Labour law sets strict requirements that employers must comply with.  To comply with legislation is not negotiable and the scope of labour law can be overwhelming as it is a highly regulated environment.  Non-compliance holds a serious business risk for employers that is often underestimated and left unaddressed.  Arbitration awards against employers have a definite financial impact and can also negatively affect the business’s brand name.


Firstly, make sure you comply with all applicable labour legislation depending on your specific industry.  Do your business activities fall under the scope of application of a Sectoral Determination or Bargaining Council main collective agreement?


Secondly, use labour law to your advantage to protect your business and rights as an employer.  As a business owner, the employer should always anticipate what can go wrong with regards to the employment relationship, in order to best position yourself going forward and mitigate risk.


One of the biggest mistakes employers make is not implementing written employment contracts and relying on verbal agreements. Section 29 of the Basic Conditions of Employment Act requires the employer to supply an employee upon employment with written particulars of employment. By implementing a written employment contract, the employer not only meets this legal requirement, but the employer also has physical proof of the agreed terms and conditions of employment. If the employee is illiterate, the employer must make use of witnesses, and an interpreter where necessary, to implement a written employment contract.


A written employment contract creates clarity in the relationship and protects the employer in terms of the employment relationship going forward.  Take note that labour legislation applies to all employers and employees, irrespective of how the employment relationship is recorded, or the term thereof.


Employment on a fixed term contract without a valid reason would be ineffective, as such a contract lacking justifiable grounds might be treated as a permanent employment agreement. Additionally, parties cannot mutually agree to terms that are less favourable than what the law stipulates or include illegal provisions. Legislation makes a clear distinction between permanent and fixed term employment contracts. Make sure to use the right type of employment contract from the start and include proactive clauses to protect the employer’s rights. Then the employer has a valid agreement to fall back on should a dispute arise. Remember that the employee is deemed a permanent employee if they have been rendering services for more than 48 hours per month without a contract.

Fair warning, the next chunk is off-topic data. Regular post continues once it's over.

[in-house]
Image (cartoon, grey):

A permanent employment contract is used when the position is of a permanent nature (for an indefinite period), as opposed to a fixed term employment contract which is used when the position is of a temporary nature, for a specific period or a specific project. The reason for a fixed term employment contract must be justifiable in terms of the Labour Relations Act and this reason must be clearly stated in the employment contract.


Take note that a fixed term employment contract may not be used as a probation period as this is not considered a justifiable ground. Terminating the contract after the end of the term can be seen as unfair dismissal and the employee has the right to refer a dispute to the Commission for Conciliation, Mediation and Arbitration (CCMA). The employer can face an award of up to 12 months’ compensation and/or re-employment.


By including proactive clauses in the employment contract, employers can protect their business and mitigate risk by addressing possible future disputes between the employer and employee.  These clauses include:

  • Reference to policies, procedures and a disciplinary code that describes rules and procedures the employer and employees must adhere to. The disciplinary code serves as a guideline for employers of what the appropriate sanction is for certain offences.  The disciplinary code also ensures that all employees are aware of the rules in the workplace as well as the consequences should these rules be broken.
  • Time periods – probation period, retirement age, short time, lunch breaks, etc.
  • Consent – medical testing, alcohol and drug testing
  • Consent – deductions for damages, training, etc.


In addition to the employment contract, the employer can add annexures to further protect the business going forward.  Typical annexures include:

  • Declaration of duties – what is expected from the employee with regards to duties and the employer’s fixed operational standard
  • Restraint of trade and confidentiality agreement – this is crucial where specialised business activities take place to protect confidential information, unique methods and procedures, patents, etc. and prevent this sensitive information ending up with the competition


The employment contract can be of immense value to the employer if used effectively.  Making a mind shift regarding employment contracts from an “administrative burden” to “risk mitigating tool” can save employers a lot of time and money in the long run.


Employers should be careful not to simply assume that their employment contracts are in line with applicable labour law. An outdated employment contract can cause an unnecessary headache for the employer when a dispute arises. Employers should continuously keep abreast of the latest developments on the labour front and update their employment contracts accordingly. Employers can do this by way of annexures to the employment contract, revising the contract as a whole, or implementing new policies. Remember that the employment contract may not be amended unilaterally without consulting the employee.




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